A usually pristine Oregon beach, littered with debris. Photo courtesy of Surfrider Foundation.
It looks like any other plastic bottle washed up on a beach, except that on its cap, next to the arrow – where it should say “Turn This Way” – are Japanese characters. And the beach where it was found is in Oregon.
Beach cleanup volunteers in Oregon are dealing with a massive increase in debris, as all the trash that washed into the sea during the Japan tsunami in March 2011 makes its way across the Pacific Ocean.
Coastal states are already struggling to dispose of all the debris, and are preparing for the situation to get even worse. Experts believe that about 40,000 tonnes of debris will arrive within 10 kilometres of the North American shore by next February. How much of it will actually wash up on beaches will depend on climactic conditions.
So far this year, the Oregon Parks Department has spent about 300,000 dollars on debris cleanup – more than double its annual budget of about 120,000 dollars. However, it’s hoping to receive federal grants as well as aid from Japan to help with these expenses.
The Parks department has established 32 drop-off sites along the Oregon coast, hoping that beachgoers will take it upon themselves to dispose of the debris they come across. Still, it’s relying heavily on volunteer organisations to go out and clean up the beaches.
The Japanese text on the cap reads "mukeru", which means "turn to open."

“There’s this overwhelming feeling, realising how much people lost”

Jenee Pearce-Mushen is the cleanup captain for the Cannon Beach division of SOLVE, a nonprofit organisation which has been cleaning Oregon beaches since 1984. Cannon Beach is located about 130 kilometres northwest of Portland.
Tsunami debris has been washing up on our beaches since September [about six months after it hit Japan’s coast]. But the worst is yet to come. Now, everytime there is a big storm, a huge surge of debris washes up on our shores. During regular beach cleanups, before this tsunami debris started arriving, we would pick up maybe 50 pounds of trash, usually left behind by beachgoers. But now, after a storm, we pick up several thousand pounds!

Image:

This is not your typical debris. There are a lot of plastic bottles with Japanese writing on them. We’ve found larger items, too, like a piece of a refrigerator. Further down south, another cleanup team found a whole dock. [Other large items found along the coast include boats and a container containing a Harley Davidson motorcycle, which was returned to its owner]. Most common, however, is Styrofoam, sometimes big pieces of it. This is difficult to clean up because it easily breaks into little tiny pieces, which are harder to pick out of the sand, and which will take years to break down. We recycle pretty much everything, except the Styrofoam, which is very hard to recycle.
Volunteers dig up pieces of a dock that washed up near Newport. Photo courtesy of Surfrider Foundation.
“Living in a coastal area, you think, this could happen to us, too”
We’re hoping to have some good storms this winter so that all the debris that’s sitting out in the middle of the ocean comes in quickly, instead of spreading out over who knows how many years. Right now, the government and several organisations are putting lots of funds into the cleanup. Though there are many volunteers, it’s expensive - you need supplies to gather and dispose of the trash. [Removing the dock cost the state of Oregon 85,000 dollars, or about 66,000 euros]. It’s especially expensive when debris washes up on remote beaches, which can require the use of helicopters as well as the help of experts to remove. We’re working hard to ensure we have enough volunteers to deal with all the debris that has yet to arrive. Everyone is welcome to help – you don’t have to be local; we’ve got many tourists joining us during cleanups, too.
I’ve been cleaning up our beaches for years now, and my main concern is keeping them pristine, but with the tsunami debris, there’s also this overwhelming feeling, realising how much people lost. Living in a coastal area, you think, this could happen to us, too. In fact, the Japan tsunami inspired my city to come up with a preparedness plan, so we know where to head if disaster hits, and where to find containers filled with food and supplies.
Volunteers drag away trash and bags full of debris at Nestucca beach. Photo courtesy of Surfrider Foundation.
Japanese words printed on a piece of insulation.
Part of a refrigerator washed up on Cannon Beach. Photo courtesy of SOLVE.
A bulldozer hauls away debris from Cannon Beach. Photo courtesy of SOLVE.
A bin full of debris found at Netarts Spit.